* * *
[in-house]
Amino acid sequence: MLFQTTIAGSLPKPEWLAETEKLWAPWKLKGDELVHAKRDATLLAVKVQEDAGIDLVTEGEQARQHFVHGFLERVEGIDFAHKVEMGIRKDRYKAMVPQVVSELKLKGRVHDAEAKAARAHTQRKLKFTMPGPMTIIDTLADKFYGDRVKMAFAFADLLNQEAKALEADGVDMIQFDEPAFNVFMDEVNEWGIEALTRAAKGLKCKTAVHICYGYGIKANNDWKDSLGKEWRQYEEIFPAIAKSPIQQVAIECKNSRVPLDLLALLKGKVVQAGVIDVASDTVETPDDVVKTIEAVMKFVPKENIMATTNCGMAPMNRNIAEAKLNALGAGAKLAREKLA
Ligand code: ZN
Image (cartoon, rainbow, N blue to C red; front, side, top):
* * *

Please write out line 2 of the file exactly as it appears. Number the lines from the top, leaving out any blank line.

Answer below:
Amino acid sequence: MLFQTTIAGSLPKPEWLAETEKLWAPWKLKGDELVHAKRDATLLAVKVQEDAGIDLVTEGEQARQHFVHGFLERVEGIDFAHKVEMGIRKDRYKAMVPQVVSELKLKGRVHDAEAKAARAHTQRKLKFTMPGPMTIIDTLADKFYGDRVKMAFAFADLLNQEAKALEADGVDMIQFDEPAFNVFMDEVNEWGIEALTRAAKGLKCKTAVHICYGYGIKANNDWKDSLGKEWRQYEEIFPAIAKSPIQQVAIECKNSRVPLDLLALLKGKVVQAGVIDVASDTVETPDDVVKTIEAVMKFVPKENIMATTNCGMAPMNRNIAEAKLNALGAGAKLAREKLA